RIP, CS @USA
I started a project in 2007 and it required a website. So I employed the service of a web design firm Glenlivet based on recommendations by several acquaintances. Due to the complexities involved with the project, the website could not go live until recently. In the last days, I was desperate to fine tune the website as much as I could to get it up as quickly as I could, and I became quite dissatisfied with the service Glenlivet provided me.
At the beginning, Glenlivet had an in-house expert who was knowledgeable in web hosting, e-commerce, and everything else that made websites functional. But half way through my project, the relationship between Glenlivet and the expert was terminated, and Glenlivet formed a partnership with a consulting company down the street. While partnerships like this have worked well for many people, theirs was a special kind of travesty for me.
Long response time
All correspondence with the consultant had to go through my account manager at Glenlivet. So if she was not at her desk, my questions did not get asked. I would send her an email before office hours with questions, and I would not hear from her until well after 3pm. Now, these were easy questions for the consultant, so a six- to seven-hour response time seemed long to me. If the consultant needed clarification from me or I from him, I would send another email as soon as I heard from my account manager, but I would not hear from her again until the next day.
Another annoyance that came with the modus operandi was that the consultant could almost never answer my questions correctly the first time. It was because my account manager had even less understanding of the technical aspects of the website than I had. My questions usually made little sense to her, so she often misinterpreted them. The consultant was very confused at times. At the end, my account manager realized she was the lock jam and removed herself, but days had been wasted at that point.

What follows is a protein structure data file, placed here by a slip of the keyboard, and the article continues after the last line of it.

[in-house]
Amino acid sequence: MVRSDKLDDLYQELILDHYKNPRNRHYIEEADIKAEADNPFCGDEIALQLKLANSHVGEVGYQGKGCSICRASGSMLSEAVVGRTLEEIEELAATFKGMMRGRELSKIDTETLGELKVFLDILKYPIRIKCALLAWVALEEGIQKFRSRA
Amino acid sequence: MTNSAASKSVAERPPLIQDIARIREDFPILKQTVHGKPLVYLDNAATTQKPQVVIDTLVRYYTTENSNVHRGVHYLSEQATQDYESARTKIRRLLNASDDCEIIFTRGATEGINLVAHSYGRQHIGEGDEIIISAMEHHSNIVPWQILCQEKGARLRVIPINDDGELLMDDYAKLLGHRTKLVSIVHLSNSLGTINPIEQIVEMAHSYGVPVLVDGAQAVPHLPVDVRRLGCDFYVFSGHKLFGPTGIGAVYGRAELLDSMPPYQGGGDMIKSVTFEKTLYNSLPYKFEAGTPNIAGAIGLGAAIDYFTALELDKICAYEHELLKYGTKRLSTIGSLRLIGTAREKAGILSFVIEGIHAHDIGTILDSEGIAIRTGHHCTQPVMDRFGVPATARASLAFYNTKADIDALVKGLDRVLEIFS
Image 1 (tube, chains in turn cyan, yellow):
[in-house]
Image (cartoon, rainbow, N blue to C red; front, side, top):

During the last days when I tweaked the website before its launch, I noticed the things that I could do to my website were very limited. A very simple example, after a visitor submits a comment on the website, he would receive an email notification that acknowledges his submission. The email notification I received from testing my website was unedited and unformatted with codes in it. When asked, the consultant said the email notification could say whatever I wanted it to say, but only he could implement changes. I thought I should be able to change the content in the notification freely, so I pushed him more, and eventually he gave me access to the editor.
“Anticipate, McGee McGlenlivet.”
There is only one point that I would like to make with such a long story. The point is that there can be no good customer service without anticipation of customers’ needs. My account manager and the consultant knew I was in the home stretch with my website. In my opinion, 1) my account manager should never have been a hindrance to begin with. But in any case neither of them should have let two weeks go by before allowing a direct connection between the consultant and I; 2) they should have continued to check email beyond office hours to facilitate the launching of my website; and lastly 3) I should not have to ask for access to every feature individually. The world is all about empowerment now, seeding for future businesses by severely crippling your customers is just a bad model.
My two cents.